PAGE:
When I said "Thanks for your response. We can agree to disagree" (# 14), I was hoping to avert unpleasantness, but I had a nagging suspicion that it would not work. Well, it didn't! In any case, if I feel that I have said all that I wanted to say, I opt out of a dialogue. You can of course continue to make your points, but it is no longer a dialogue. Peace!

Anwaar, Dallas
Feb 12, 2013
10:43 AM


If you are so inclined, you may like to read the following article by Sanjoy Hazarika, a member of the Jeevan Reddy Committee which recommended the abolition of AFSPA. An abomination called AFSPA. The blurb reads

Mr. Chidambaram has sought to blame the Army for the failure to repeal the draconian Act but the government is equally guilty as it has abdicated responsibility in the matter

Hazarika raises the same questions about Chidambaram's speech which you have assiduously avoided and called subsidiary points.

Bonita, Chennai
Feb 12, 2013
08:41 AM


After you lose an argument, you still keep coming back with some subsidiary points in order

Facts, ever heard of them? Let's examine them.

#2 - Armed forces must always be subservient to the civilian government.

I have not disputed this. In fact I have asked you (#15) whether you agree with PC's various statements that his hands are tied because of the intransigence of the army and the MOD and that the army has the last word on legislation. Instead of answering, you come up with your statement about losing etc.

In post #5 I wrote

We live in a democracy in which the army is subject to civilian authority. If Chidambaram and his fellow MPs in the ruling coalition believe that AFSPA is wrong and unjustified, then what stops them from repealing the Act?

Instead of addressing this (which incidentally also refutes your #2) you have dodged the issue and quoted an article by Seema Mustafa which says 

it has proposed that soldiers and officers guilty of rape and sexual assault be tried under the law of the land and not under the protectionist clauses of AFSPA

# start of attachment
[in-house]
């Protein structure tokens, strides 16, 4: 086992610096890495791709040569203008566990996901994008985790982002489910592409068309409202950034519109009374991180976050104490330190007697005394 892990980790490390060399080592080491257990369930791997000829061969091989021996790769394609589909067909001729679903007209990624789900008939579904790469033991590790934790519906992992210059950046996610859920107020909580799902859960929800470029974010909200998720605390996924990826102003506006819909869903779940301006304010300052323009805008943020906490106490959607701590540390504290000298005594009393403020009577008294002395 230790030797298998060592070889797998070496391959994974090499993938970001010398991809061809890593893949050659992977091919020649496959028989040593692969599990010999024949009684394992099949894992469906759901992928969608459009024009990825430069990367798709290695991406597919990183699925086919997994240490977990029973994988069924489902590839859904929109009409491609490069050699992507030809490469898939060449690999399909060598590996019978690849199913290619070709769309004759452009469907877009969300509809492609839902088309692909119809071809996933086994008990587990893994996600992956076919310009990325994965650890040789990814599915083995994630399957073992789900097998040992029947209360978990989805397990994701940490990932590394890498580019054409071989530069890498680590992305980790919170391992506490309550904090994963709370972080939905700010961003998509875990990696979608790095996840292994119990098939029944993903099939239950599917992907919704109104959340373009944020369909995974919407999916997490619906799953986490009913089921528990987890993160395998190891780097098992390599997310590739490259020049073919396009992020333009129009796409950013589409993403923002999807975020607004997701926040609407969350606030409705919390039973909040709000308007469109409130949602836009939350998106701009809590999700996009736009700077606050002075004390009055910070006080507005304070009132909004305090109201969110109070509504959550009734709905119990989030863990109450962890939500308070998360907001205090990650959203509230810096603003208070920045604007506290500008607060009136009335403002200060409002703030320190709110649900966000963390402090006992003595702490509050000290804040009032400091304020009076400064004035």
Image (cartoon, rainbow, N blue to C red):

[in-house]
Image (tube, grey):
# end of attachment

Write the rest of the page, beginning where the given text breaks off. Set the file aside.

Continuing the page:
Now, it is you not I who have introduced the element of rape and sexual assault in the context of AFSPA. We have agreed to disagree on Ms Mustafa's use of the word guilty. However, in post #8 you accused me

Your position was that soldiers accused of rape, unlike civilians accused of rape, should continue to have AFSPA protection.

Though I have not read the Justice Verma Committee report I did google AFSPA to find out what protection it afforded to soldiers accused (guilty if you wish) of rape and sexual assault. Most surprisingly, I could find none. I have asked you several times (#9, 13, 15) to educate me by showing me the relvant provisions of AFSPA but you have evaded this by quoting someone's statement.

Finally, in #15 I asked you 4 questions which are germane to this discussion. I am repeating them below :

1. If you did read the AFSPA, did you find anything which bears out yours and the eminent jurists' contention that it provides the Army a licence to rape?

2. The Hon'ble Finance Minister has said that the army has the final say on legislation. Do you agree with him?

3. If so, when did the Government of India abrogate its right and duty to exercise civilian control over the army?

4. If not, what does that say about the character and competence of someone like Chidambaram? (I forgot to mention that his statement that "I want to repeal it, but the Defence Ministry is opposed" violates the principle of collective responsibility of the cabinet).

Instead of attempting to rebut any of them, you come out with this statement, which like many others you make is your opinion, but unfortunately contradictory to the facts.

After you lose an argument, you still keep coming back with some subsidiary points in order to keep your interminable escalation going!

If you wish to leave please do so. If you wish to stay, try answering the questions, NONE of which are subsidiary to the article or the discussion.

Bonita, Chennai
Feb 12, 2013
01:33 AM


>> What you mean is: "I don't care what the facts are. I have said what I have to say and do not wish to discuss this anymore".

After you lose an argument, you still keep coming back with some subsidiary points in order to keep your interminable escalation going! Why should I want to indulge such a tendency?

Anwaar, Dallas